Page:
# Lesson 16

Heart Rates

## 16.1: Find Your Heart Rate (5 minutes)

### Warm-up

The purpose of this activity is to get familiar with the process of finding heart rate and collecting some initial data for the experiment in the next activity.

### Launch

Tell students they will find their pulse as part of an experiment to determine if counting while exercising affects heart rate. Demonstrate the process of finding your pulse for the class. Count the number of beats you feel in 10 seconds. Multiply the value by 6 to find your heart rate in beats per minute (bpm). Distribute stopwatches or instruct students to open a stopwatch app on an internet-enabled device by searching for "stopwatch" in an internet browser.

### Student Facing

Find your heart rate. One way is to place your index and middle fingers on your neck just below the jaw to feel your heartbeat. Count the number of heartbeats you feel in 10 seconds. Multiply the value by 6 to find your heart rate in beats per minute (bpm).

- Write the value for your heart rate in bpm. This will be used as your resting heart rate.
- Take some deep breaths, close your eyes, and repeat the process. Write the value for your heart rate in bpm. Has your heart rate changed?

### Student Response

Student responses to this activity are available at one of our IM Certified Partners

### Activity Synthesis

The goal of this activity is for students to measure their resting heart rate and to begin thinking about how it changed after some deep breaths with their eyes closed.

Here are some questions for discussion:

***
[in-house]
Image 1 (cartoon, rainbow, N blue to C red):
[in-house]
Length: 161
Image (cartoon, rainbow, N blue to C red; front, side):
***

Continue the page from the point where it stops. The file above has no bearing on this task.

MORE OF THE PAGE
- “How could we determine a typical resting heart rate for the class?” (We could find the mean.)
- “Raise your hand if your heart rate decreased after the deep breaths with your eyes closed.”
- “What was the treatment in this experiment?” (The treatment was taking deep breaths and having your eyes closed.)
- “What are some other reasons that your heart rate may have changed?” (I was nervous that I would take my pulse wrong.)

## 16.2: The Counting Experiment (10 minutes)

### Activity

The mathematical goal of this activity is for students to collect and summarize data from an experiment. Students will measure their heart rate after doing a light exercise and use the difference from their resting heart rate as data to analyze in a later activity.

### Launch

Arrange students in the 2 groups created at random in the activity *Get Ready to Experiment*. Tell students, “One group will count out loud while exercising and the other group will remain silent while exercising. Everyone will take their pulse silently after the exercising is finished.” For the exercise, consider asking the students to do 30 jumping-jacks or running in place for 1 minute. The intensity should be such that it raises student heart rates quickly without making them overly sweaty. Adjust the time or level of exercise to meet the needs of your class.

*Action and Expression: Internalize Executive Functions.*Provide students with a template so they can fill in the data for their heart rate and calculations. For example, include a line for each item students should record (resting heart rate, group, exercise heart rate for 10 seconds, multiply by 6 for beats per minute, exercise heart rate minus resting heart rate).

*Supports accessibility for: Language; Organization*

### Student Facing

Does counting while exercising affect your heart rate? Let’s perform an experiment to find out.

- Your teacher will help divide you into two groups and lead the exercise. If you are selected to be in the group that will count during the exercise, count out loud together with your group while you do the exercise. If you are selected to be in the group that will remain silent during the exercise, remain quiet.
- Immediately following the exercise, measure your heart rate again. Count the number of beats in ten seconds and multiply the result by 6 to get your heart rate in beats per minute. Record this result. Find the difference in heart rate by subtracting your heart rate after exercise from the resting heart rate you found during the warm-up.

### Student Response

Student responses to this activity are available at one of our IM Certified Partners

### Activity Synthesis